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The Invisible Recovery The Invisible Recovery
Healing from an injury takes as much mental strength as it does physical  GET MENTAL : Erika Carlson    It’s no secret that injury... The Invisible Recovery

Healing from an injury takes as much mental strength as it does physical 

GET MENTAL : Erika Carlson

   It’s no secret that injury rates in youth sports are exploding. ACL tears have gotten a lot of attention in the media. According to US Youth Soccer, females are indeed more susceptible to ACL injuries; most studies report that females are four to eight times more likely to tear this ligament. 

   With the majority of my clients being elite female athletes, sadly I see too many injured athletes in my office. Over the last three years I have even hosted injured athletes group sessions to help athletes deal with the mental side of their injury.  

   The mental side of injury can be tricky, some say even more tricky than dealing with the physical side. Why? Because it’s invisible. When a physical injury occurs and the associated pain is present, you can touch it, feel it and create timelines for its expected recovery. It’s a process “” a well understood process.

   On the other hand, most athletes never get any help with the mental issues that come along with major injury. Thinking often sounds like this, “Will I ever be as good as I was?” “Will I lose my place on the team?” “Will my knee ever be strong enough?” “Will I get injured again?” 

   Emotionally, athletes feel sad and depressed that they can’t train hard and get on the field to compete. They feel a strong sense of loss and sometimes excluded from their team, training, and friends. Additionally, they have often lost their No. 1 coping mechanism “” exercise. Ironically, as athletes make good progress on their physical healing, often times the mental and emotional issues get worse. Adding further insult to injury are the well-intended people surrounding the athlete. “You’ll be better soon!” “You’re getting around just fine!” “You’re tough, you’ll be fine!”  What is meant to be helpful and supportive, can leave the injured athlete feeling alienated and alone … “They just don’t get it.”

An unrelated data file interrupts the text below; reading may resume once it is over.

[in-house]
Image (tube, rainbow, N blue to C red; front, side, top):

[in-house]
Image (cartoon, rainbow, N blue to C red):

How can an athlete best navigate the mental and emotional side of injury rehabilitation and recovery?  

   >> Program confidence “” Your Physical Therapist will be your guide through your rehabilitation. This should be someone you like and trust. There are lots of good ones out there, find an excellent one.

   >> Stick to your plan “” Do every thing you need to do and nothing you don’t.  

   >> Physical confidence “” Build and believe in your body. As your body makes progress, add in positive self-talk (“I feel strong!”  “I can complete my whole workout.” “I’m ready to run!”)

   >> Return to sport confidence “” This can be the scariest of all phases. Take it one step at a time. No contact, light contact and finally, full contact. YOU WILL succeed.  Believe it!

   >> Get social support “” Finding others who are going through, or who have been through, the process can be your best bet. It’s a tough journey, but many athletes have been through it successfully.  

   >> Prepare for adversity before it strikes “” Mental toughness is the key to a successful journey through sport. When adversity strikes “” especially injury “” managing your mental game can be the key to a successful rehabilitation and return to sport.

Check out the rest of the article in our digital edition of SportStars Magazine: The Invisible Recovery 

Previous Article: Are You Ready? 

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